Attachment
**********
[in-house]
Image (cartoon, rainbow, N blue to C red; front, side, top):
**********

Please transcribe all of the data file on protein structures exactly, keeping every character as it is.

[in-house]
Image (cartoon, rainbow, N blue to C red; front, side, top):